An innovative grassroots initiative that helps renters gain cooperative home ownership
New York City’s Tenant Interim Lease Program was created as a way for renters to become cooperative owners of their apartments in abandoned low-income buildings. Initiated in 1978, the program was a response to the housing crisis that resulted from landlords abandoning low-income housing units that became too expensive to repair and maintain. Renters in city-owned buildings can form a tenant association and receive training and technical assistance from the Urban Homesteading Assistance Board (UHAB), which oversees the program under the city’s Department of Housing Preservation and Development. Together tenants manage the building and eventually transition to cooperative ownership.
New York City’s intriguing Tenant Interim Lease Program, a landmark housing program, has enabled thousands of America’s poorest minority people to become owners of their own apartments.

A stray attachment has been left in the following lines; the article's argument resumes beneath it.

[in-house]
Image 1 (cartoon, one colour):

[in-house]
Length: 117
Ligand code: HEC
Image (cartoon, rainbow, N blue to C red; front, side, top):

1989 Selection Committee
Unlike other city housing programs, the Tenant Interim Lease Program depends upon tenant initiative and persistence, making it a truly empowering experience for those who participate. Self-help is a cornerstone of the program, and participants develop valuable work and leadership skills through the process. Over 240 buildings participated in the first year, with 500 in process at the time of application, making it the city’s largest grassroots low-income housing program.